Trochaic meter (consisting of singular trochees) is the exact opposite of iambic meter: trochaic meter a metrical foot made up of one stressed syllable followed by one unstressed syllable. Conversely, iambic meter is made up of one unstressed syllable followed by a stressed one. As a result, this puts emphasis on the beginning of the words in the line:
Prosody is the science that describes poetry forms called meters or seas (bohor) in Arabic.
The comparison between two prosodies requires some basic knowledge of both prosodies.
In western prosodies there is one form with two analogous but different contents.
Sound and prosodic syllables are represented by U for both unstressed (English) and short (Latin) ...
I think your instincts are very good in choosing a trochee for the beginning of the third line.
Emphasizing the "I" is meaningful
The poet sets up this line by musing that if a person said the animals are kneeling, the poet would go out in the darkness to see.
Emphasizing "should" renders the line robotic
Meter is often used to set up a variation in ...
You could scan the second to last line as three trochees followed by an iamb.
"In the lón|ely bár|ton by yón|der cóomb|
Our chíld|hood úsed| to knów|,"
Í should| gó with| hím in| the glóom|,
Hóping| it míght| be só|.
I don't believe the straight iambic scansion works anywhere near as well. It puts stress on should, which is a relatively unimportant ...
I feel like there are two questions here. (1) Does English language break down into metrical feet and (2) are metrical feet used in English poetry.
The American Poetry Foundation defines a foot as a measurement of accentual-syllabic meter, which is just a way of saying English speech regards stresses and syllables distinctly. The breaking up of large ...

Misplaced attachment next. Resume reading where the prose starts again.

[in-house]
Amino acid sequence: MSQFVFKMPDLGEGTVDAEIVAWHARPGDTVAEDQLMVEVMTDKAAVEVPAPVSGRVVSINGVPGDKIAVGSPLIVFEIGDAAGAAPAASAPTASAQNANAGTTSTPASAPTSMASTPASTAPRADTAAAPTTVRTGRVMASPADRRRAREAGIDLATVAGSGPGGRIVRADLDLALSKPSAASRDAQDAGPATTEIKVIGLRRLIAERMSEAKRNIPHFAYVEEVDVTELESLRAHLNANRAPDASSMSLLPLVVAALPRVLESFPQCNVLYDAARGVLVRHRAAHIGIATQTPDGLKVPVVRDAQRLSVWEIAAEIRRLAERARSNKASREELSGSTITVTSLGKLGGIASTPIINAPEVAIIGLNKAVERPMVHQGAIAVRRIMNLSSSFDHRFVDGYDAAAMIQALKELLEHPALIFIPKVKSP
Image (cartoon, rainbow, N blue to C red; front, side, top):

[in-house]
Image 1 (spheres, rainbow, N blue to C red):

I'm not an expert on scansion, but here's how I would read your stanza. Bold denotes a clear stress, and italics a secondary stress, on a particular syllable.
It was quite an absurd occurrence
Which gave rise to reason for
Seven words of swift deterrence
Which I’ll now relate through more
~ - / ~ - / - ~ - / ~ -
~ - / ~ - / ~ - / ~
~ - / ~ - / ~ - /...
I don't believe there is much you can conclude about a poem from whether the meter is rising and falling. There are happy poems and sad poems in iambic meters, and there are happy poems and sad poems in trochaic meters. It's not like minor and major keys in music.
For example, several of A.E Housman's poems are in trochaic tetrameter, and there doesn't ...
For rhyming poetry, the term double rhyme has been used.
In fact, that term is probably older than feminine rhyme in English. The OED has a citation for double rhyme in 1693, which is well before I can find any mention of feminine rhyme in English in Google books.
Of course, you can have feminine endings without them being rhymes, so maybe this isn't an ...
TL;DR: Feet are arbitrary conventions in English verse, so you can scan the poem however you like, but Frost’s description of the metre is simpler than Gillespie’s.
The linked blog post (by poet Patrick Gillespie) describes two theories regarding scansion:
Most people divide lines into feet when they read.
In this division, most people prefer feet ...